Rural hospitals are more likely to close in states such as Missouri that have not expanded Medicaid.
A recent report from the pro-Affordable Care Act organization Protect Our Care analyzed 84 rural hospital closures since 2010. It found 90 percent of those hospital closures were in states that had not expanded Medicaid coverage. Missouri remains one of the 14 states that hasn’t amended its program to cover people who earn up to 138 percent above the poverty line.
The government health insurance program for low-income and disabled Americans covers one in four adults in rural areas, according to the Kaiser Family Foundation.
Rural hospitals serve disproportionately poorer, sicker and older populations than their urban counterparts. They also serve fewer patients, and their profit margins are low.
“Rural hospitals have been facing significant threats for a number of years,” said Marjorie Connelly, spokeswoman for Protect Our Care. “What we’re seeing in states that expanded Medicaid — uncompensated care costs are down and those hospitals are finding solvency.”
Whether patients are insured or not can make a big difference in profits, according to Brock Slabach, vice president of the National Rural Health Association. This is especially true in places where people are less likely to have private health insurance through an employer, he said.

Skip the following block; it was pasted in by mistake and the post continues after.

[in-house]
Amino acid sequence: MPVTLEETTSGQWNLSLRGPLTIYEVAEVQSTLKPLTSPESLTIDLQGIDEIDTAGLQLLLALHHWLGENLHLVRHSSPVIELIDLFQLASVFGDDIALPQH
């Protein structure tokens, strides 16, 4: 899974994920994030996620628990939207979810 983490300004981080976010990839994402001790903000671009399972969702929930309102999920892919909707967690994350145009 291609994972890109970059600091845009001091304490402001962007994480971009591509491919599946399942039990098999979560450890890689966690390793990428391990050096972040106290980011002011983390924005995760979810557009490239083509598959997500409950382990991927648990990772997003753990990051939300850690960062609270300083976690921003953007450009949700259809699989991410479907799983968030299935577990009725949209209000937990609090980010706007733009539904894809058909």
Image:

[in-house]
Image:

“Most rural hospitals are funded through government payers, Medicare and Medicaid,” Slabach said. “In many facilities, that could amount for as much of 80 percent of total revenues.”
Because their patient volume is small, the slightest tweak to revenue can mean success or failure, Slabach said. Cuts in federal and state funding, population loss in rural areas and an increasing popularity of high-deductible health plans mean many hospitals outside cities have seen earnings drop. According to the rural health association, nearly 700 hospitals in the United States — one third of the total — are at risk of closing.
Medicaid expansion isn’t the sole reason a hospital will survive, but it can serve as a lifeline to otherwise vulnerable hospitals, said Tim McBride, co-director of the Center for Health Economics and Policy at Washington University.
“If they had the opportunity to make a little bit more on their Medicaid they might be able to stay open, but if they look forward and they say, ‘Oh, we’re not going to have a Medicaid expansion,’ their board might just say, ‘We need to shut down, we don’t see any way out of this.’”
Out of approximately 70 rural hospital In Missouri, four have closed since 2010. The most recent closure, Twin Rivers Medical Center in Kennett, was announced just last week.
The hospital in Missouri’s Bootheel ceased operations on June 11. Patients are being redirected to another hospital, Poplar Bluff Regional Medical Center, more than an hour away.
“A lot of the hospitals that closed had other problems and were in places that had economic problems and were struggling already,” McBride said. “If they’re in a place that hasn’t expanded Medicaid, that’s the final hit.”
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